Female common redpoll eating alder seeds at Northwestern University. (Photo: Fran Morel)

The redpolls are here! There’s excitement in the air, literally. Redpolls are adorable, active, gregarious little finches with heavily streaked sides, forked tails, yellow bills, a black chin and, most importantly, a red forehead, or “poll” as it is called. The males have a beautiful rose blush on their upper chests, giving them a jewel-like appearance.

During a typical winter in Evanston, small birds that can be seen are resident American goldfinches, house finches, house sparrows, northern cardinals, black-capped chickadees, white-breasted nuthatches and the dark-eyed juncos that come south for the season. All visit feeders.

But 2021-2022 has not been a typical winter. By early December, common redpolls, carduelis flammea, birds in the finch family, began to enliven our winter scene and sometimes displaced the usual suspects at feeders. One or two or a flock of more than two dozen might descend, seemingly out of nowhere. Redpolls are constantly in motion, often chattering away. They are so approachable that one can stand quietly only a foot or two away without disturbing them.

Finches are small songbirds with beaks capable of crushing seeds. As seedeaters, redpolls are dependent on seed production in their native habitat, although they do feed their nestlings protein-rich insects. They make their home in the worldwide subarctic edge of the tundra and boreal forest. They prefer open habitats with scattered scrubby thickets of dwarf birch, spruce, willow and alder that provide nesting grounds and food.

As residents of the subarctic, redpolls are particularly well adapted to cold and can survive temperatures of -65F degrees. They add plumage for the winter months, and they have a throat pouch for temporary storage of seeds so they can digest them throughout the night in a quiet sheltered spot away from predators. In the recent mid-February drop in temperatures and blowing snow in Evanston, the redpolls were still at a swaying feeder at 4:50 p.m., presumably tanking up for the chilly hours ahead.

Predicting a year of ‘irruptions’

In a typical year, a few redpolls, or none, may be seen in the Chicago area. “Irruptions,” as we are seeing now, with hundreds of redpolls reported in our area, occur when demand for food outpaces the supply in the normal habitat of a species. The irruption of snowy owls several years ago followed a bumper crop of food supply, which led to a bumper crop of young, which led to a need for the young to spread out to find a reliable food source during the winter. The redpoll irruption is not caused by too much breeding success. It is, instead, caused by the failure of its food supply of seeds on their usual wintering grounds.

Ron Pittaway, a Canadian naturalist, began predicting winter finch irruptions, or lack thereof, in 1999. His prediction was based on reports from a vast network of observers who communicated the conditions of the summer seed supply where the birds would typically remain for winter. As The Cornell Lab of Ornithology’s All About Birds writes: “Pittaway claimed his forecast is an art rooted in science.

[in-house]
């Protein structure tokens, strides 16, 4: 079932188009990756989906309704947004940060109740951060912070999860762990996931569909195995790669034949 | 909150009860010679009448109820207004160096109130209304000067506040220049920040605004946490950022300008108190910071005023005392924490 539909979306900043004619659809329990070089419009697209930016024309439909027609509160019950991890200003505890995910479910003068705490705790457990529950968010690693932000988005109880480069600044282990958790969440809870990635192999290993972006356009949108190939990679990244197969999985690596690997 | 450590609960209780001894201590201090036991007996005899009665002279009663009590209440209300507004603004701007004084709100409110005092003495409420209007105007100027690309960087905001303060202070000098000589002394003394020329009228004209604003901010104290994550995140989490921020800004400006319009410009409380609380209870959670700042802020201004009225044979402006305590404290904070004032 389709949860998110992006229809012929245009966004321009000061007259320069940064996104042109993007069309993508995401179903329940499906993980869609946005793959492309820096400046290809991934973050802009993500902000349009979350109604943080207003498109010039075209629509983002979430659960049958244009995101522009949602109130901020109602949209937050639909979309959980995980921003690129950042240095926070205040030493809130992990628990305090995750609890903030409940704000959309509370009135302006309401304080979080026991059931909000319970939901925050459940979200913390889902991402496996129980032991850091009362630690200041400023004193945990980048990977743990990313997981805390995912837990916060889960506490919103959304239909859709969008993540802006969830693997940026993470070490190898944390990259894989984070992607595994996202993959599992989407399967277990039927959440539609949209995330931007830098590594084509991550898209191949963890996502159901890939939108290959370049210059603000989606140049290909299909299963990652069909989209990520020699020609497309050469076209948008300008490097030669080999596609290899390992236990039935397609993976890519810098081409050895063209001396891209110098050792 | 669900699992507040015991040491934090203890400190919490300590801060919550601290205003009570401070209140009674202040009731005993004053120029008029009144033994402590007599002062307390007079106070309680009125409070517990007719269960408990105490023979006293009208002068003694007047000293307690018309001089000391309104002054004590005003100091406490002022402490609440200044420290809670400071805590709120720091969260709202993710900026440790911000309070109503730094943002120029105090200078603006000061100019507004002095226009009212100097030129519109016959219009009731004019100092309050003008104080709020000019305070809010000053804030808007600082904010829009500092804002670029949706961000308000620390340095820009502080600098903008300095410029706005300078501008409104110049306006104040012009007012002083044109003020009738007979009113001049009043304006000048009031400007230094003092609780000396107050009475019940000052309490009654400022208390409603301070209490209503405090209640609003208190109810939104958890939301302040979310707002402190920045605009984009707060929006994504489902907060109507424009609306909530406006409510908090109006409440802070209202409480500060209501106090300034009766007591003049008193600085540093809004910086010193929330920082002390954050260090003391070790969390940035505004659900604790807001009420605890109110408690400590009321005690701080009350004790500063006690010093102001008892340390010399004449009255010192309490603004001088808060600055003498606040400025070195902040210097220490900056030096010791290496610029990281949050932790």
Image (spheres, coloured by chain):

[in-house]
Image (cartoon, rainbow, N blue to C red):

“When the conifer trees are bumper [crops] and the cones open, the birds just need to reach into them and pull the seeds out. There’s food everywhere,” said Pittaway. “When there is so much food of a bunch of varieties, the birds stay north. But if there’s a drought, or a frost in June, or other disruption that interferes with seed production, the seed crops fall below normal, and thousands of finches burst from the boreal forest and move south into the U.S. to search for food.

Male redpoll (Photo: Creative Commons)

“My forecasts try to make sense of what might happen based on tree seed crops and knowledge of past irruptions,” he continued. “Last year [a big irruption year] was easy, because there was no food. This year [a non-irruption year] was easy, because there was a superabundance of food. But there are lots of years that are in between. Those are the hardest years to predict.” 

The Cornell Lab explains further: “Different tree species produce bumper crops at varying frequencies. Eastern white pine, for example, will produce a bumper crop every three to five years, but rarely churn out two good years in a row. Eastern hemlock, on the other hand, will furnish a good crop every couple of years. The quality of the crop – good or bad – tends to be stretched out over hundreds or even thousands of miles of forest, forcing the birds to travel long distances to keep pace with the boom–bust cycle of food.”

Pittaway retired last year, handing the job over to a colleague, who predicted that 2021-2022 would not be an irruption year. Perhaps this was a year that was in between. To the delight of many, and despite the prediction, redpolls have come to winter in Evanston. Feeders filled with fresh thistle or nyjer seed or sunflower chips are most productive for attracting them. 

Judging from Evanston North Shore Bird Club Christmas Bird Count data, recent irruptions here were in 2015 and 2017, with 2021 substantially exceeding the number from earlier years. This winter, observers have reported redpolls at Northwestern University’s south parking lot where there are stands of seed-bearing alder trees (see photo), at the Chicago Botanic Garden among the catkin-bearing birches outside the visitor center, and at LaBagh Woods Forest Preserve in Chicago. The redpolls should be here until mid-March, though there is no predicting exactly where they will be.no

Libby Hill

Libby Hill is the author of "The Chicago River: a Natural and Unnatural History. She has been writing about birds and trees and Evanston's natural history for the Roundtable since 2004.

One reply on “The Year of the Redpoll”

Comments are closed.